The Lead-up

The debate over allowing women to take Holy Orders was started by the setting apart of the first deaconess in 1845, before any but the most progressive Episcopalians imagined women in the priesthood. Between 1855 and 1970, nearly 500 women were set apart as deaconesses and charged to act as ministers to the most needy portions of their communities, yet they were excluded from performing liturgical acts reserved for priests.

By the mid-20th century, deaconesses, who were excluded from the Church Pension Fund on the grounds that they were not clergy, had begun to object to the denial of their clerical standing. Many in the church supported their desire for full recognition alongside the male deacons, who were considered to be in clerical orders.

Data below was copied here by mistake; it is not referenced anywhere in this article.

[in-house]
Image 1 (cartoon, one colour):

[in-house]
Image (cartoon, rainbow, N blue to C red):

Phyllis Edwards was the first woman in The Episcopal Church accorded the title "reverend" in 1965 when Bishop James Pike, an early supporter of women's ordination, recognized her ministry as an "invested deaconess." Bishop Pike took this measure after the House of Bishops refused his attempt to ordain her a deacon. In spite of this opposition, women could attend Episcopal seminaries and they began to do so in great numbers, hoping that the day would soon come when their vocation as deacons, if not priests, would be recognized as equal to that of their male counterparts.

Opinion editorial by Barbara C. Harris, published in the October 6, 1973 issue of the General Convention Daily, after the failed vote for women's ordination.

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